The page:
How to Pack a Backpack for a Bike Ride

There are many benefits for riding long distances but without a well-packed bag, it's virtually impossible. Whether you're riding to a friends house or across the country, this article will tell you what to pack.


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    Distance. Before you even start to think about what to pack, you need to know how far you're going. Obviously you're going to have different things in your bag riding across the country and to your friend's house. If you know you want to go for a ride but not sure where to, decide now. For shorter distances, you could still pack everything if you would like to but it's not necessary. The distance you are riding could determine what you have to pack so know where you're going before anything else.
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    Experience. Along with distance, your experience is another big factor. A less experienced rider may have a tendency to fall more, therefore breaking more lights and having to pack more spares. However, as the rider becomes more experienced, they will probably break less lights and not have to pack as many spares. Judge your experience by how long you've been riding and how often you break or lose equipment.
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    What to pack. Now you know the distance you're riding and your biking experience, it's time to finally pack your bag. This is where most bikers go wrong. They pack their bag with food and drink but forget to pack tools. Here's everything you'll need.
    • Food. Tinned food is often the best as it doesn't go bad. You could bring sandwiches but on a hot day, they'll probably go bad. However, you will need something like a sandwich so keep one in a cool airtight container. Alternatively, you could bring money for some food along the way.
    • Drinks. The amount of drinks you'll need to bring depend on the two factors discussed above. The best drinks are water or an energy drink such as powerade or lucozade. Avoid fizzy drinks, Energy drinks like Red Bull and alcohol. Fizzy drinks and energy drinks will give you a temporary buzz, but after the buzz comes the crash. This means you will be completely drained of energy. Alcohol will affect your sense of balance. Drinking and riding is as illegal, not to mention dangerous, as drinking and driving. Never do either of these two things.
    • Spare lights. In case one of your lights decides not to work or suddenly breaks, bring a few spares. Again, the amount of lights you’ll need depend on the two above factors. For a long distance ride, a good number would be three of each type. On your bike you should have one back light, one front light and one light clipped on to your backpack. If you do the math, you will see that you need nine spare lights. If the lights on your backpack and the lights on your bike are the same, there's no need to bring this many. Bring about five. However, if all your lights are different, you will need to bring the full amount. If you’re only making a short journey, it’s probably save to just bring three spare lights, one back light, one front light and one on your bag.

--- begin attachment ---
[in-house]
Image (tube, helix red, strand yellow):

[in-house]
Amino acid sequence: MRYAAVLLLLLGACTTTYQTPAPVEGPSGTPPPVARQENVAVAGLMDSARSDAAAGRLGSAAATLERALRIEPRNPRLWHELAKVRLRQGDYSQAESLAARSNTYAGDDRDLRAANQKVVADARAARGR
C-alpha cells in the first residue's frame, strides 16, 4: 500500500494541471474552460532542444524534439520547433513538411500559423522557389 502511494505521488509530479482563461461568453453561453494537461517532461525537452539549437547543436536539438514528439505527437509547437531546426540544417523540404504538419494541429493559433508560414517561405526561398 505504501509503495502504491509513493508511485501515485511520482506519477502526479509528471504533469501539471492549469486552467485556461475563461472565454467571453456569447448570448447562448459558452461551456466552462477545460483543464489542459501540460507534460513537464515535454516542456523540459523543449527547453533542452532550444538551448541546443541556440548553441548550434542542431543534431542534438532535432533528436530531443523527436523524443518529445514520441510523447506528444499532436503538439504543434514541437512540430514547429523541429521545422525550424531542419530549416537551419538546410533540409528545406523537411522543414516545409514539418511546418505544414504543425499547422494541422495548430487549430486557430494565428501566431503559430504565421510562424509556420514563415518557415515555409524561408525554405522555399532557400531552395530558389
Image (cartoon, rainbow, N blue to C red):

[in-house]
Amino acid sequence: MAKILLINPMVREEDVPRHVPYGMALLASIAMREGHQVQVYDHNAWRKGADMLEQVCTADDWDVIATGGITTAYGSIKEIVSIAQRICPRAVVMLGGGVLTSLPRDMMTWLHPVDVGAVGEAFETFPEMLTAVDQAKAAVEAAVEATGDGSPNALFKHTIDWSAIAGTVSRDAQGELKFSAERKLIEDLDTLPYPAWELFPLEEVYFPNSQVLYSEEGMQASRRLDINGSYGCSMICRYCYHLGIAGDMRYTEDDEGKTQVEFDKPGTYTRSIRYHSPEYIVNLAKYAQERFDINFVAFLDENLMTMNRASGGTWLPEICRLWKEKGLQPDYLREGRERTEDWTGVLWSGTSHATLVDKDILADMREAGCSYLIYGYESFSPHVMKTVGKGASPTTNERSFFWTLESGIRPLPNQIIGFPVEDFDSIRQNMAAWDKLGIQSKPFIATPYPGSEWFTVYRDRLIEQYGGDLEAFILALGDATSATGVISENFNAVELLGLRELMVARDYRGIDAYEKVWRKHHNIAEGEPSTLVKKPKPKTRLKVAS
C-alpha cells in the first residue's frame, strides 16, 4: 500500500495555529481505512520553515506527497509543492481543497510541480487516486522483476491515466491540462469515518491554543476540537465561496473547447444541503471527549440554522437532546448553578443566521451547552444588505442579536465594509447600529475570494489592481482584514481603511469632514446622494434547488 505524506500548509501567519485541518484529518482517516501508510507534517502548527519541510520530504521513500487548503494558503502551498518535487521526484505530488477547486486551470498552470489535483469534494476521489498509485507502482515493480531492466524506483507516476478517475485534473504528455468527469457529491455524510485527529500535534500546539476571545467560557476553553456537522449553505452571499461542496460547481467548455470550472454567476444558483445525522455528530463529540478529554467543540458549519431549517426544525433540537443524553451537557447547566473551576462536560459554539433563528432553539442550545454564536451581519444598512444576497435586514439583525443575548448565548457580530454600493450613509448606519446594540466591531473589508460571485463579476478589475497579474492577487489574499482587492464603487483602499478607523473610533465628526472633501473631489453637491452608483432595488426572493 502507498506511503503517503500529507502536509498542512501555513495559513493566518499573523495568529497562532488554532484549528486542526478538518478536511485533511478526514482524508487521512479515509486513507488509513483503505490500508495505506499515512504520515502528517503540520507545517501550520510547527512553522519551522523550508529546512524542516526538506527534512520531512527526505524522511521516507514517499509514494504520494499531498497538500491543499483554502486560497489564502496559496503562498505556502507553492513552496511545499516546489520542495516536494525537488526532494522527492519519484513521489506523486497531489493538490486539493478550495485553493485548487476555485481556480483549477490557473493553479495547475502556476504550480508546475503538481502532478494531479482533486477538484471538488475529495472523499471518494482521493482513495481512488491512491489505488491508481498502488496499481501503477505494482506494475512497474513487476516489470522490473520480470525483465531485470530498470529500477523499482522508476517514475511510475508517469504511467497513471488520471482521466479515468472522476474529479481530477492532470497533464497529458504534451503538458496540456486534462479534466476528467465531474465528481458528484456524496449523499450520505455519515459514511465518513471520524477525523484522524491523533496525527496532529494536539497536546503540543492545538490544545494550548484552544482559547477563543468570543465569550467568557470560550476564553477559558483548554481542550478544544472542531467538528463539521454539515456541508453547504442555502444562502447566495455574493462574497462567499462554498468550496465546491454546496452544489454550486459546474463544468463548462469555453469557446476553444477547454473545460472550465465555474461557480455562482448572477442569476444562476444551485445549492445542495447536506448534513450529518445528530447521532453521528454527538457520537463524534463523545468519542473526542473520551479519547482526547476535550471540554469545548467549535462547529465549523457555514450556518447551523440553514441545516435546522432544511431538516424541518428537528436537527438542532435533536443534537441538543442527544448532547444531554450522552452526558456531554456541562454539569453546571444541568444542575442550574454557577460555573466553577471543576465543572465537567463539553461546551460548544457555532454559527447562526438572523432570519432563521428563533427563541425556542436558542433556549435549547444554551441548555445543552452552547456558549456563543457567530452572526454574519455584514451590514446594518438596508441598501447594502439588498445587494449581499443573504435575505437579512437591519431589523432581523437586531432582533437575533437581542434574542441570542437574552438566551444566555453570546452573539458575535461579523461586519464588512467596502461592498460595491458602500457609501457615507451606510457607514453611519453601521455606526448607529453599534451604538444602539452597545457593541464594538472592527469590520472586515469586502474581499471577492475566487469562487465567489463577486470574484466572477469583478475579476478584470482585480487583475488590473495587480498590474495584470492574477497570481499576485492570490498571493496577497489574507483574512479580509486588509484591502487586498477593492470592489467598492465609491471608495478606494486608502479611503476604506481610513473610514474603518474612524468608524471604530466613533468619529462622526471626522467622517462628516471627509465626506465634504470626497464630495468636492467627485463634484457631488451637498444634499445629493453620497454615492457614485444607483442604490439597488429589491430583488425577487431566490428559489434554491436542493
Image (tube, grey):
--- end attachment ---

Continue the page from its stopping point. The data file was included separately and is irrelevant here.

• Spare batteries. Along with your spare lights, you will need spare batteries. If all of your batteries die, you are very unlucky. Never fear though, just pull out your spare batteries and you're all good to go again. Bring about three packets of good quality batteries like Duracell. If you're bring cheaper batteries, bring more packets.
    • Spare reflectors. Just in case one breaks off, bring some spare reflectors. You will want to bring two or three red reflectors and two or three white reflectors. Although your reflectors are not likely to break, you may tie your bike somewhere and a thief may steal one. Usually, your safe ride would be over but if you brought spare reflectors, you're all set to ride.
    • Cable lock. You will probably get hungry somewhere along the way. If you want to get off of your bike and buy some food, you will need to tie it up. If you don't, there is a good chance that somebody will come along and take it. To avoid this, buy a cable lock. You want one that comes with a lock, not combination. Experienced thieves will easily be able to hack the combination in a flash but by the time they pick that tiny lock, you'll probably be finished. This is the one thing that you definitely don't want to forget; along with food.
    • Tools. You can pick up some foldable tools that have allen keys, spanners, flathead screwdrivers and phillips screwdrivers. You will need all of these. If you can't find one of the foldable tools, bring loose ones. You will also want to bring a small first aid kit and a puncture kit. The first aid kit is for small injuries like cuts and scratches. Anything more serious and you can call an ambulance. The puncture kit is in case you hit a nail while riding, that's never fun. Although you've got to bring your bike to a shop as soon as this happens, the puncture kit will hold out until you get there. You also want to bring a bike tire pump for when you start to go flat.
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    Go ride. After you've packed your bag, checked your equipment and planned a route, you're all set to go. Get your bike and leave home. Tell some people you are leaving and that you'll call them if anything happens to you or you need a lift in an emergency. Have fun!


  • You might not need a bag if you're only riding somewhere close. Bring a drink on it's own if you're not too sure.
  • Although you have a great backpack, you should also take a break every now and then.


  • If you start to get tired, don't drink an energy drink! Just sleep.

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Categories: Bicycling | Travel Packing